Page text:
TFH: As an adult, why have you decided to own and drive dogs?
AG: When I gave up my first team, I promised myself that one day I would own a dog team again.  Over the years I told a few friends that a dog team would be more of a retirement hobby project.  Well, I was wrong. I'm not near retirement, but the urge to run dogs again just struck me while ptarmigan hunting on a beautiful afternoon in March 2003. On a snowmobile, heading home, I was imagining going out with dogs with my kids and enjoying the fresh air without the sound of an snowmobile engine. I remembered the days when I would listen to the dogs ivakkak (trot) and the qamutik runners swishing across the frozen land and lakes.  When I got home, I mentioned to my wife, Susie, what had got into my mind earlier. I expected her to just laugh at me, but to my surprise she was very supportive of the idea of getting dogs to build a team.  You see, she had seen the last few dog teams in her home village of Tasiujaq. Susie recalls as a young girl trying to hop on qamutiit for  short rides when the dog teams were leaving the village on fishing trips. Also, her late father, Johnny Cain, always had a dog team until the late 1970s. So there are good memories about dog sledding from her younger days.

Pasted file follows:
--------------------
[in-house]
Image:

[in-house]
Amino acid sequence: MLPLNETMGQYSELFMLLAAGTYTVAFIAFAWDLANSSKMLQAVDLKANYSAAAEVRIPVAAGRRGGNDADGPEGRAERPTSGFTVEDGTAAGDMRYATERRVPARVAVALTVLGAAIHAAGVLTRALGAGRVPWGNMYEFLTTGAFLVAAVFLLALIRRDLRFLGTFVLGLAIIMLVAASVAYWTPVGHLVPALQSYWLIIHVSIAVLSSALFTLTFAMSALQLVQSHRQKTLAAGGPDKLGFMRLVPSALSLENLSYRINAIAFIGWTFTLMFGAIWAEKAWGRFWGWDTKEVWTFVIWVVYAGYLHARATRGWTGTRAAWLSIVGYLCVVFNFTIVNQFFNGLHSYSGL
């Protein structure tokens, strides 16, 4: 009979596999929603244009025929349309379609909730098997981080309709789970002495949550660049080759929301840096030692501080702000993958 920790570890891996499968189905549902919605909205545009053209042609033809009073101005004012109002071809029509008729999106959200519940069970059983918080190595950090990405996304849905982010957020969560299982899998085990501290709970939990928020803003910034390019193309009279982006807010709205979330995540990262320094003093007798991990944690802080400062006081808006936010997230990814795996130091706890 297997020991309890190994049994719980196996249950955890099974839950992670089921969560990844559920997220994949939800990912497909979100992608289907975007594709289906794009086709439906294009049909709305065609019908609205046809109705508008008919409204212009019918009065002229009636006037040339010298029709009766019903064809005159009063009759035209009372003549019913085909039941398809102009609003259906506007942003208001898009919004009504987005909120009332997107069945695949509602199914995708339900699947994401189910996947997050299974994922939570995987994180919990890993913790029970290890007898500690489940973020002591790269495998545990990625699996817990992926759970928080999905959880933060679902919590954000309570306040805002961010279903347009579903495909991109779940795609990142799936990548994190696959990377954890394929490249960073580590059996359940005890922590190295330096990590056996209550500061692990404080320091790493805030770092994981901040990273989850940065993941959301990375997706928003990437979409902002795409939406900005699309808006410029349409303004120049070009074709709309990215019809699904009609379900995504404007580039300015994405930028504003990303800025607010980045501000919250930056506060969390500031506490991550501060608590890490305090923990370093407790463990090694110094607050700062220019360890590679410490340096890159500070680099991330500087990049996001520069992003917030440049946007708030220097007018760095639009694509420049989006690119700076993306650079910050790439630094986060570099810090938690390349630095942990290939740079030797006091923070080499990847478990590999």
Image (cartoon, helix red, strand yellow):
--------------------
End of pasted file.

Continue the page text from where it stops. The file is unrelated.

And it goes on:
I also want my two children to experience dog mushing and the care of dogs while they are young and imprint them with dog sledding. The kids of today are so much into television, computers and video games and spending so little time outdoors.  I figure when my children are grown up they will remember our mushing trips and hopefully they will continue the tradition of running dog teams with their kids.

TFH: It would have been easy for you to assemble a team of "husky dogs". Please tell us why you chose to build a team of pure ISDs.
AG: Most of my current roster of dogs are mixed huskies. They probably have the genes of most northern type huskies.  Last July I received two pups from Siu-Ling Han in Iqaluit, Nunavut, and I can say that these two females are pure ISD. Also in December, I acquired a two-year-old pure ISD male from Ludovic Pirani in southern Quebec. I'm planning to breed the females with this male and finally build up a team of pure ISDs.  The reason I want to be the owner of pure Inuit Sled Dogs is because they are a big part of my Inuit cultural heritage and they were once native to this part of the Arctic up until the late 1970s.  Also, most of the younger generation of Inuit don't know the differences between pure and mixed. I hope to educate them  and promote the return of the pure ISD to Nunavik.